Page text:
Forgetting Things That Matter
I’m a big movie buff. I love the feeling of looking at characters who are not me and letting them teach me something about me. Some of my favourite movies are about amnesia; characters who have forgotten who they are, and are now on a quest to remember. Total Recall, Memento, and Bourne Identity all have characters who are struggling to remember something life-changingly important. In the more light-hearted movie, 50 First Dates, Drew Barrymore’s character, Lucy, has to play herself a video each morning to fill herself in on the entire contents of her life. While these films seem a world away from our daily lives, how often do we wake up the next morning having forgotten something life-changingly important? I’m not talking about things that an effective to-do list will remedy (like, have I remembered to buy a new shower head that will actually wash rather than dribble on me?) but revelations about what makes us happy.
What Was It That Made Me Feel This Good?
A nice moment happens every day – even to the least conscious of us. No, let’s be more positive than that: a nice half an hour. But what was it about that half an hour that actually put you in the state of mind where everything was okay? Was it something you did, something you said to yourself, an inspired thought? Perhaps that thought gave you such a great feeling that it didn’t just affect your next half an hour but the rest of your day. By 8 o’clock, instead of using your last ounce of energy to push the buttons on the microwave, you’ve suddenly turned into a Jedi master. The screwed-up piece of paper goes straight in the bin from an impossible angle and you catch a glass as it falls from the table. More to the point, you have this incredible feeling of momentum and flow. And then you go to sleep and let the amnesia set in. You wake up, desperately searching for that same all-powerful feeling, but it’s gone.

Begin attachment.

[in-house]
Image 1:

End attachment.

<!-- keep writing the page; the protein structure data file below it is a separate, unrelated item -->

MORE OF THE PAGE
Systems To Prevent Amnesia
What was it that gave me that feeling, you ask? Your brain frantically searches its files but all it comes up with are the amazing moments that came after. It then makes a plan to go after these moments, only to find that doing these things is not the source of its happiness and that it’s just trying to relive a memory – a moment that has now passed. It seems you are back at square one. But hang on a minute, what if next time you do things a little differently. What if, like Lucy and all the characters in those awesome films, you look to find ways to manage your amnesia. This is done by creating systems – like Lucy’s morning video – to help us remember. A good coach will insist that you are always building up your own self-knowledge record. Which thoughts leave me drained to the core and which ones lead me to an afternoon of flow? All this needs recording and ritualising to prevent a life of short term memory loss – a life lived on repeat.